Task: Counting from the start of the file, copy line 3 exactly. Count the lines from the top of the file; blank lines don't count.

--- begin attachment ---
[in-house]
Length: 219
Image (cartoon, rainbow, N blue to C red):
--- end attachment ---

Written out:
Image (cartoon, rainbow, N blue to C red):